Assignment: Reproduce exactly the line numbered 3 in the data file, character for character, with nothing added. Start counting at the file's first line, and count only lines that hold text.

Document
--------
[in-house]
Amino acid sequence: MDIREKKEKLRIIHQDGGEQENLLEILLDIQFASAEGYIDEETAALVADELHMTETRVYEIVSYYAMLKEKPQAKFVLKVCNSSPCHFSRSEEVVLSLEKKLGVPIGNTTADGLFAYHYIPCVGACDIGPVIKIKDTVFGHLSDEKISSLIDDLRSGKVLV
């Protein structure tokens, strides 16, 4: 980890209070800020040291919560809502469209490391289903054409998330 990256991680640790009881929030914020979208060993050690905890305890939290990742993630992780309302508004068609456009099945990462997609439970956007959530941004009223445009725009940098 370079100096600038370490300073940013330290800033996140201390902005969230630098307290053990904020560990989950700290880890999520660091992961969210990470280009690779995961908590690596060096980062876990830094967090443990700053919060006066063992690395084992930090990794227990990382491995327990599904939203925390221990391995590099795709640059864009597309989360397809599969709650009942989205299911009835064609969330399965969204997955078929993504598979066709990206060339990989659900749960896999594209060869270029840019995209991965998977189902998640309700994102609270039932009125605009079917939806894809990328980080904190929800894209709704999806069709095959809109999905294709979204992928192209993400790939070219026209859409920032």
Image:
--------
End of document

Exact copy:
């Protein structure tokens, strides 16, 4: 980890209070800020040291919560809502469209490391289903054409998330 990256991680640790009881929030914020979208060993050690905890305890939290990742993630992780309302508004068609456009099945990462997609439970956007959530941004009223445009725009940098 370079100096600038370490300073940013330290800033996140201390902005969230630098307290053990904020560990989950700290880890999520660091992961969210990470280009690779995961908590690596060096980062876990830094967090443990700053919060006066063992690395084992930090990794227990990382491995327990599904939203925390221990391995590099795709640059864009597309989360397809599969709650009942989205299911009835064609969330399965969204997955078929993504598979066709990206060339990989659900749960896999594209060869270029840019995209991965998977189902998640309700994102609270039932009125605009079917939806894809990328980080904190929800894209709704999806069709095959809109999905294709979204992928192209993400790939070219026209859409920032």